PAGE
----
An extract from Cucarachas or Cucuruchos? An English Teacher's Spanish Dilemma. Details below.
There’s quite a crowd surrounding Manuel as he bustles into the classroom this morning. What’s he got today? As usual, all the excited babble is in Spanish. I ease myself into a position to see above the bobbing heads. It’s a jam jar full of water. There’s something lurking at the bottom.
‘What have you got?’ I ask in a sing-song, Blue-Petery, early-in-the-day voice.
Manuel holds the jar aloft and shrugs. ‘I no no weet een eengleesh,’ he says, slightly crestfallen.
A nuclear weapon of noise explodes around him as everybody gives a view of what’s in Manuel’s treasure jar.
‘OK, OK,’ I say, in a slightly less Blue-Petery tone. ‘Let me have a look.’ It’s some kind of mollusc but I’ve no clue whether they’re cockles or mussels. I’ve some doubt whether they’re alive-alive-oh, given that Manuel’s had them captive for most of the weekend. Half a dozen of them are lurking in the murk at the bottom of the jar, each about the size of a butter bean.
I scan my mob for someone who might just have an edge over the others in matters mariscos. It’s not promising. I can hear lots of muttered suggestions, all of them muttered with 101% certainty, all of them different. I have to admit I’m not a big seafood eater, nor an eater of big seafood, so although I recognise many of the Spanish words, I couldn’t actually translate any of them into English.
‘You see ees lengua?’ Manuel points excitedly at a creamy-coloured tongue probing out from one that is still just about alive-alive-oh after all.
‘Very nice,’ I say. ‘Where did you get them?’
‘En la playa.’
‘In English, please.’ He must know this.
‘Da bitch!’ he says, proudly.
‘Yes, the beach. Were they in the sea?’
He looks confused. ‘Dey in da warder.’
‘In the sea.’ I emphasise ‘sea’ but Manuel ignores me.
‘My dad he coger dem but my mum she say you poot hems back but my dad he say ees OK I wanna traer thems to see you and my mum she gritar when all de warder it go on the silla in coche.’ I manage to turn that lot into news that there was a family row over whether he could bring them into school which reached a peak when Manuel spilled some of the water in the car...
‘Sounds like you had a lovely day out,’ I say, and notice the aptly named Mar (which means ‘sea’) smirking. She can have a level 4 for comprehension at the end of the year.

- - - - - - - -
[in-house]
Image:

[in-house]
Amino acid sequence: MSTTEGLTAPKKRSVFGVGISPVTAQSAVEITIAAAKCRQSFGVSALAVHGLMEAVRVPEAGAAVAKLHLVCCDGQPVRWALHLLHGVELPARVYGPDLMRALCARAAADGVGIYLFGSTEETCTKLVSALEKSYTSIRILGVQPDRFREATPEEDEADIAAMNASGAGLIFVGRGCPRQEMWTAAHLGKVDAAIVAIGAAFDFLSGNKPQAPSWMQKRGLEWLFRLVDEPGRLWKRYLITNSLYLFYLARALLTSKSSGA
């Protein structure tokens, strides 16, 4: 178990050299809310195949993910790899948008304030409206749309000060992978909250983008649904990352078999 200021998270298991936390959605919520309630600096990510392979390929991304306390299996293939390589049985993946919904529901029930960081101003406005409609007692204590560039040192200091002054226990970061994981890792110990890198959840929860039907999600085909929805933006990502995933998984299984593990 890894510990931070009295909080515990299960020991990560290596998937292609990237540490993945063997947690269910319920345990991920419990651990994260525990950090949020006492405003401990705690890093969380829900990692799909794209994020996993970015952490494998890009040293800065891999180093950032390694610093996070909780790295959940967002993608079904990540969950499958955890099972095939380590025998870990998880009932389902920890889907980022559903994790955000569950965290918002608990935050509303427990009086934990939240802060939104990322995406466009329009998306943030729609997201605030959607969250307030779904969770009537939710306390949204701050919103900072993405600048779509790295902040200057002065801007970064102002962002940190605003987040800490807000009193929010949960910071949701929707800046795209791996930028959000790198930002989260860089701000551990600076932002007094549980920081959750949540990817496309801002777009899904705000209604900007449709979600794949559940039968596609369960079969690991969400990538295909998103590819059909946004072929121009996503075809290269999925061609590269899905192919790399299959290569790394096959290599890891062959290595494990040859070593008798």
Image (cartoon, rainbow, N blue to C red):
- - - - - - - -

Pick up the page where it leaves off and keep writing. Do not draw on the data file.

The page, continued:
‘I’ll tell you what I’m going to do,’ I announce, before Manuel has a chance to let us all know whether the row escalated later on when he probably emptied them all out onto the living room carpet. ‘Miss Macarena knows a lot about these things so I’m just going to pop next door and ask her while you change your reading books.’
Everyone nods that Miss Macarena is a world expert on marine-life except Alma, who’s got her hand up and a worried look on her face. ‘What ees “pop”?’ she asks with a seriousness that is not normal for a seven-year-old.
‘Ummm, it means “go”,’ I say, hoping fervently that she doesn’t ask why...
‘Is almeja,’ la señorita Macarena says with calm certainty. Maybe she is a world expert on marine-life after all. ‘Bu- I no no weet een English.’
‘No matter,’ I say, pudging my phone with my index finger. ‘I’ve got a translator on this... clam! OK, thanks.’
‘Kwam?’ la señorita Mac says, looking for confirmation. I show her the screen and say, ‘Claaam,’ as clearly as I can. I can hear a bit of ‘noise’ from next door...
‘Right! I’ve got it,’ I bellow above the din as I stride back into my room. There’s no blood evident and no-one’s crying so I breeze on. ‘Come and sit down for the register and we can have a little talk about Manuel’s almejas, his clams!’
A dozen permutations of the word ‘clam’ ring out as the children settle down on the floor. Pablo and Paco are arguing about which of them said ‘almeja’ first. I fire up my (non-interactive) whiteboard and pop- sorry, put ‘almeja’ into wordreference.com. ‘Come and tell us about your clams!’ I beckon to Manuel who, as always, is thrilled to have a chance to chat to a willing audience.
I carefully steer him around the family row, which evidently did escalate when Manuel dropped one clam into his granny’s lap when they went for paella after their morning on da bitch. With a little prompting he manages to use words like ‘bucket’ and ‘paddle’ to describe the collecting process and the children have loads of suggestions about the best ways to cook them. Then I spot Alma with her hand up and a worried look on her face.
‘Yes, Alma,’ I say.
‘Ees cat?’ she asks, deadpan.